As the second wave of COVID-19 hit the West Bank, the Palestinian Authority (PA) which seemed to handle the initial coronavirus response even better than Israel now seems to have lost control of the escalating hunger and poverty. The tough restrictions it imposed in response to the second wave have in turn created a seemingly bigger issue resulting in mass unemployment for its citizens with many now reliant on food assistance and without access to any form of financial aid. 95 percent of the more than 28,000 people who make their living from tourism in the West Bank and Jerusalem are currently unemployed. It is reported that they survive on small portions of water, rice, bread and vegetables, however the situation is dire for everyone in the area and people now fear hunger more than contracting the virus. The United Nations Relief and Works Agency (UNRWA) Chief, Philippe Lazzarini says ‘There is despair and hopelessness’ when discussing the plight of those in Lebanon, Syria, Jordan and Gaza who are now suffering a bottomless pit of desperation because of the Pandemic. ‘In Gaza, people are going through the garbage….more people are fighting to provide one or two meals a day to their families.’
AID CUTS TO THE REGION HAD ALREADY INTENSIFIED THE SUFFERING OF THE PEOPLE BEFORE THE PANDEMIC
In 2018 the United States cancelled more than 200m in aid for the Palestinians in the Gaza Strip and West bank, with their ambassador branding Donald Trump and his government as ‘anti peace.’ The funding which had been used for programs in those areas ‘will now address high priority projects elsewhere’ an official said at the time. This move was seen by many as an endangerment to the lives of people in Gaza, where Hamas (A Palestinian Sunni-Islamic fundamentalist, militant and nationalist organisation) exerts control of citizens. However, other global donors came forth to fill the gap in the shortfall that the US exodus had left, but now the Pandemic has put UNRWA under increasing pressure to deliver even more financial aid to the area. ‘There is more pressure on the organisation to deliver more, but at the same time, the environment of our donors is more complicated because they have all been impacted economically by Covid.’ Lazzarini said. The additional menace of the virus tearing through the refugee camps across the Middle East is also a threat to suppressing UNRWAs urgent work there. The area is home to a huge amount of the 5.6 million Palestinians currently supported by UNRWA.
THE SITUATION FOR SYRIAN REFUGEES IN LEBANON IS DEPLORABLE
The crisis in Syria has been one of the most formidable and demanding emergencies ever faced. The vast majority of the 540,000 Palestinian refugees from Syria (PRS) are unable to meet their basic needs. The majority of PRS due to the ongoing effects of the coronavirus lost their sources of income, with rental prices and basic amenities soaring. The epidemic of undernourishment and extreme poverty is widespread and escalating daily. Children have been forced to drop out of school and join armed groups to help feed their starving families. Desperate beggars in the street that were always there have now exponentially increased. Lots of refugees live in squalid conditions, stacked in makeshift shelters together. Erected on the ground they reside in a muddy swamp that is cold in the winter and unbearably hot in the summer. In this environment there is no method to impose social distancing to inhibit the spread of the Coronavirus. The virus however is not the main survival threat that these people face or fear. Lebanon’s already disastrous economy has only intensified due to the imposed nationwide coronavirus lockdowns. The country is essentially bankrupt and its currency the Lebanese pound virtually worthless. So far there have been no coronavirus infections documented in any of Lebanon’s Syrian Refugee camps. Whether this is a true indication of the numbers can not be verified but it can be said that if a serious breakout did occur it would be impossible to contain due to the close living confines the majority of refugees endure. According to John Hopkins University in the U.S. a total of 750 coronavirus infections in Lebanon have been reported with 25 deaths, again this is hard to confirm. Syrians who did fall sick with coronavirus symptoms would also be remiss to seek medical treatment for fear of facing legal difficulties if they no longer held valid residency permits or other necessary government documents. This is a well founded deterrent as in 2019 the Lebanese government forcibly deported several hundred Syrians for not being in possession of the correct paperwork. A possible reason for the low numbers of purported coronavirus infections could be this very real fear of retribution. Most would think extremely hard between the choice of deportation and health and the consequences that seeking medical attention could unleash on themselves and their families.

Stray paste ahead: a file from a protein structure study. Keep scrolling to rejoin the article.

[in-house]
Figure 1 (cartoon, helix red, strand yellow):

NO QUICK SOLUTIONS TO THE DIRE HUMANITARIAN THREAT
In April, the World Bank released US40 million in Emergency aid to assist Lebanon with the coronavirus outbreak. This was assigned to help the Government of Lebanon (GOL) in three main areas, being surveillance and case detection, case management and protection of health workers and multi sectoral response to support multi sectoral activities. However this emergency band aid along with other monetary support is obviously well short of the assistance these areas whose many citizens are going hungry and whose refugees are facing starvation require. The longer the Pandemic continues so will the suffering of the people, and long after the Pandemic is over the after effects of its devastation on an already desperate situation will linger for those that have already lost everything.